8th April 2005
I am amazed at the benefits of computer technology for studying the Scriptures. This was recently impressed upon me again while visiting with Marty Abegg, who was in town giving some special lectures on the Dead Sea Scrolls at Taylor University College (N.B. I will upload an MP3 of his public lecture, “Jesus in the Dead Sea Scrolls? Messianic Expectations at Qumran,” to my Public Lectures Page soon). Marty has done an amazing amount of work preparing a searchable database of the non-biblical texts from Qumran from which he assembled the now available Dead Sea Scrolls Concordance, Volume 1: The Non-Biblical Texts from Qumran (see my Annotated Guide to the DSS).
My own (very modest) foray into using technology in helping us study the scrolls — besides using Marty’s database with Accordance as well as other software packages — is in connection with 1Q12 (= 1QPs-c), a small scroll containing part of Psalm 44. When working with the official publication of the fragmentary scroll (DJD 1; Oxford, 1955), I decided to try to visually reconstruct some of the manuscripts using computer technology. In particular, using Accordance Bible Software, Adobe Photoshop, and Quark XPress, as well as some other imaging software, I was able to identify another fragment of this scroll. Unfortunately, while my identification is likely (IMHO), it will never be able to be confirmed visually with the orginal fragment, as it as been misplaced!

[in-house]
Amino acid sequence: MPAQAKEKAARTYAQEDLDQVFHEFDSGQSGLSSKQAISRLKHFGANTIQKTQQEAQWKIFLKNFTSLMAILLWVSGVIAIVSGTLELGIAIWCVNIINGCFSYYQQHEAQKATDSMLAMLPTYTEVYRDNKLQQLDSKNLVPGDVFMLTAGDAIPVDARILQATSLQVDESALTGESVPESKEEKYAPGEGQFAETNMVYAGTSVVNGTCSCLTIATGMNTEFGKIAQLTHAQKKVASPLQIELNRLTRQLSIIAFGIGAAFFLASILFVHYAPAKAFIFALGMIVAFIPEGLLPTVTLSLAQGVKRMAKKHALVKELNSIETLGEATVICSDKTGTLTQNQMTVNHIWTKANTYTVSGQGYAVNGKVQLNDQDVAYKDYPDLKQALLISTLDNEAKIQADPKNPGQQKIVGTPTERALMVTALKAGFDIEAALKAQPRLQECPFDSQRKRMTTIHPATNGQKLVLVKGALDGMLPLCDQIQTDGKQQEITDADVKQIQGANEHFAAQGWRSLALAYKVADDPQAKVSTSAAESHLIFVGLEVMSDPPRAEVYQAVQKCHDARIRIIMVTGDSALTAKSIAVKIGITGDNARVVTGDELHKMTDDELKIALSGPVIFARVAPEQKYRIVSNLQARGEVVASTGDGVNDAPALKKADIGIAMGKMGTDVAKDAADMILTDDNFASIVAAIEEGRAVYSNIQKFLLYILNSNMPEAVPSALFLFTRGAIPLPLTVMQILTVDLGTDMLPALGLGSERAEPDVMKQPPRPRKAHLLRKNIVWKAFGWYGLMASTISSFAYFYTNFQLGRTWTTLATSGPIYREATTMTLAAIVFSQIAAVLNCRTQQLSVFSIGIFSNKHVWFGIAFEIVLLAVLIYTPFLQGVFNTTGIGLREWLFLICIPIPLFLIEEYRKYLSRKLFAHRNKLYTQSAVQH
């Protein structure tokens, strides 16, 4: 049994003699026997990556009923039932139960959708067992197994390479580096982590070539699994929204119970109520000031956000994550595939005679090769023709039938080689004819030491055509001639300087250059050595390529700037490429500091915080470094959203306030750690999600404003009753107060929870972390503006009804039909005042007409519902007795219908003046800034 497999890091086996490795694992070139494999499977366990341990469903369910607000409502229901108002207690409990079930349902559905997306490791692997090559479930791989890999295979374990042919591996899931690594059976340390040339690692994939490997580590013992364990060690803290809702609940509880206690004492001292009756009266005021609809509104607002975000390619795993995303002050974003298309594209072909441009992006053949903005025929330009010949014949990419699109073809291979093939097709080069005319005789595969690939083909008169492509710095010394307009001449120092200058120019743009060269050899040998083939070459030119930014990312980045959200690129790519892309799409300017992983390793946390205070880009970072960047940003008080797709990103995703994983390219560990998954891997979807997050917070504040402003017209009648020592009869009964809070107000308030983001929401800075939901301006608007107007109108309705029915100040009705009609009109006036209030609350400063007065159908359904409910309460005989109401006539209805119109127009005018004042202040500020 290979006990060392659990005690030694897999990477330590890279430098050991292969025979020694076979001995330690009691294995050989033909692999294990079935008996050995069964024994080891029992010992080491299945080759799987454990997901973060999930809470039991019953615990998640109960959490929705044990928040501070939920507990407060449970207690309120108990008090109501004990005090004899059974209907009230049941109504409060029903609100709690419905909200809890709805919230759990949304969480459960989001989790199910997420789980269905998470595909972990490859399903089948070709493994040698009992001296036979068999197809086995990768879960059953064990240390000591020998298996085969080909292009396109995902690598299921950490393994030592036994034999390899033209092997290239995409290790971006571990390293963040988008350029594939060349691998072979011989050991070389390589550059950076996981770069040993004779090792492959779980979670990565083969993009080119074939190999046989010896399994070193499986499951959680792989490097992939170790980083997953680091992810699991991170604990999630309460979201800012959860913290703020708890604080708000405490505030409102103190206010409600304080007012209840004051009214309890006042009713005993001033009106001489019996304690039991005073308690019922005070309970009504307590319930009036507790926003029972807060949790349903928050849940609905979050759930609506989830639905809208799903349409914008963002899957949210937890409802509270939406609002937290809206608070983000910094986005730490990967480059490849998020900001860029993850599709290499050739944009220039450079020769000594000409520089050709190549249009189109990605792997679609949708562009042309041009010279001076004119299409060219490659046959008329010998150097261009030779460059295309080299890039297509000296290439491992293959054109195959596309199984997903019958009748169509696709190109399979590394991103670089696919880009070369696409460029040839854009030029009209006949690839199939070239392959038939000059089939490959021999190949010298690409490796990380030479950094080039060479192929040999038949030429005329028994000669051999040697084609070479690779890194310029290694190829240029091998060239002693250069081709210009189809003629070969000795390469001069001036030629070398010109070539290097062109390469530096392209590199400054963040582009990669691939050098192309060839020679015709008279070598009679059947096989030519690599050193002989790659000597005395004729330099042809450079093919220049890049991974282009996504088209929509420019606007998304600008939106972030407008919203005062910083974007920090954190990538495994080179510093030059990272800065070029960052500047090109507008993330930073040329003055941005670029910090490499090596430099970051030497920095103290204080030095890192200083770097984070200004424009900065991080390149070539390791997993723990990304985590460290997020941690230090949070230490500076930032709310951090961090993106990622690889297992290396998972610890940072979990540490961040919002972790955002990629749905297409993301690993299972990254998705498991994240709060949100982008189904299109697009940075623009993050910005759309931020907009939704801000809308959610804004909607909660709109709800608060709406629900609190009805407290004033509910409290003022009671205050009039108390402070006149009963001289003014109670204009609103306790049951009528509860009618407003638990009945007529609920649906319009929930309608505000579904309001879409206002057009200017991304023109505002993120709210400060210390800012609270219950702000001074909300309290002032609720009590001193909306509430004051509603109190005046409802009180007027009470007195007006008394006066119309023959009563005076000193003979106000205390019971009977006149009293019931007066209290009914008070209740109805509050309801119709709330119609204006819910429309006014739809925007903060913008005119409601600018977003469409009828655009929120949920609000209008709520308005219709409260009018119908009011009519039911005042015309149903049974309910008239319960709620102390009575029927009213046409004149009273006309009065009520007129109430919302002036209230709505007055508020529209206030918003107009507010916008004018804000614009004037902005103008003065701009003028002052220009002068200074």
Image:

You can take a look at a brief write-up of my proposed reconstruction from my Software for Biblical Studies page. Any and all comments are most welcome! (And if you know where the original fragments are, please return them to the Shrine of the Book!)